Theme: Eating Disorder, Body Image
This acclaimed, darkly funny debut for fans of Sarah Dessen, John Green, and Becky Albertalli about a teen who's consumed by love, grief, and... [Read More]
This acclaimed, darkly funny debut for fans of Sarah Dessen, John Green, and Becky Albertalli about a teen who's consumed by love, grief, and self-destructive behavior is now in paperback. Freshman year at Harvard was the most anticlimactic year of Danny's life. She's failing pre-med and drifting apart from her best friend. One by one, Danny is losing all the underpinnings of her identity. When she finds herself attracted to an older, edgy girl who she met in rehab for an eating disorder, she finally feels like she might be finding a new sense of self. But when tragedy strikes, her self-destructive tendencies come back to haunt her as she struggles to discover who thatselfreally is. With a starkly memorable voice that's at turns hilarious and heartbreaking,Love and Other Carnivorous Plantsbrilliantly captures the painful turning point between an adolescence that's slipping away and the overwhelming uncertainty of the future.
Theme: LGBTQ2S+, Romance, Eating Disorder
Mégane, 16 ans, cohabite avec Affam (pour "affamée"), Cal (pour "calorie"), Malchance et la Menace. Quatre ombres qui la torturent et qu’elle... [Read More]
Mégane, 16 ans, cohabite avec Affam (pour "affamée"), Cal (pour "calorie"), Malchance et la Menace. Quatre ombres qui la torturent et qu’elle tente de dompter seule, sans même en parler à son frère jumeau, Mathis, qu’elle adore. Mégane souffre d’un trouble alimentaire complexe, l’anorexie, qui cache une grande peur, celle d’être séparée de son frère jumeau si ses parents se quittent. Et cette peur, elle la dompte en essayant de tout contrôler, d’être parfaite, selon son regard déformé par l’anorexie. Toutefois, grâce à des personnes attentives et aimantes, dont une entraîneuse, son amoureux, ses parents et son frère, elle apprendra à accepter sa maladie et à prendre soin d’elle.
Theme: Eating Disorder
This own voices story from the acclaimed author of The Closest I've Come unflinchingly examines steroid abuse and male body dysmorphia. Perfect for... [Read More]
This own voices story from the acclaimed author of The Closest I've Come unflinchingly examines steroid abuse and male body dysmorphia. Perfect for fans of Jason Reynolds and Matt De La Peña. David Espinoza is tired of being messed with. When a video of him getting knocked down by a bully's slap goes viral at the end of junior year, David vows to use the summer to bulk up-- do what it takes to become a man--and wow everyone when school starts again the fall. Soon David is spending all his time and money at Iron Life, a nearby gym that's full of bodybuilders. Frustrated with his slow progress, his life eventually becomes all about his muscle gains. As it says on the Iron Life wall, What does not kill me makes me stronger. As David falls into the dark side of the bodybuilding world, pursuing his ideal body at all costs, he'll have to grapple with the fact that it could actually cost him everything.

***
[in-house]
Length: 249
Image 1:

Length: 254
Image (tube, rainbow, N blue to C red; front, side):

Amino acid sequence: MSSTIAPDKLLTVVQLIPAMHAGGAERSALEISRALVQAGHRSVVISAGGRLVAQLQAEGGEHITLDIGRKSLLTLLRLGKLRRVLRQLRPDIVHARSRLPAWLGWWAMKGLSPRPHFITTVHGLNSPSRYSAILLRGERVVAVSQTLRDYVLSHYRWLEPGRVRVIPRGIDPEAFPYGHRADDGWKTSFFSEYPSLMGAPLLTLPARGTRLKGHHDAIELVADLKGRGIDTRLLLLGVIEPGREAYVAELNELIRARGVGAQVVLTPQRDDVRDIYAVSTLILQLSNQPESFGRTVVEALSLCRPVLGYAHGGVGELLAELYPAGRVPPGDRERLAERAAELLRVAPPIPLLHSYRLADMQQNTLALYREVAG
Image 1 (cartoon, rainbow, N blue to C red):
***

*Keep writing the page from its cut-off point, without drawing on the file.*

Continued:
Theme: Eating Disorder
Growing up in the shadow of her famous ballerina mother, Clara has never felt good about her body. Now, at sixteen, she has an unhealthy obsession... [Read More]
Growing up in the shadow of her famous ballerina mother, Clara has never felt good about her body. Now, at sixteen, she has an unhealthy obsession with healthy eating. After a social media disaster, she decides to escape for the summer to Paris to stay with her estranged dad and her six-year-old brother, Alastair, who is on the autism spectrum. Charged with his care, Clara and Alastair set out to explore the city. The fabled city of light, and a handsome young Parisian baker, teaches Clara about first love, and a new love of food. And Alastair teachers Clara about patience, trust, and the beauty of loving without judgment.
Theme: Eating Disorder, Big Ideas, Mental Health & Wellness
Building a supportive and open relationship with young people suffering from eating disorders is key to assisting the recovery process. This book is... [Read More]
Building a supportive and open relationship with young people suffering from eating disorders is key to assisting the recovery process. This book is packed with metaphorical explanations that will allow parents and caregivers to ally themselves with treatment rather than the eating disorder, and take positive steps with their child towards a full and lasting recovery. Written by experienced eating disorder specialists, the book will help caregivers to reach out to young people having difficulty cooperating with treatment. Its effective use of analogies and metaphors helps to crystallize a practical understanding of eating disorders and the crucial aspects of the treatment process. Integrating medical, psychological, and narrative aspects, as well as the visual (with illustrations), it encourages the reader, and by extension the sufferer, to conceptualize each step towards health. This book will be an invaluable tool for families, friends, and those working with young people suffering from eating disorders. The fresh perspective will also appeal to mental health professionals and anyone else working in the field.
Theme: Eating Disorder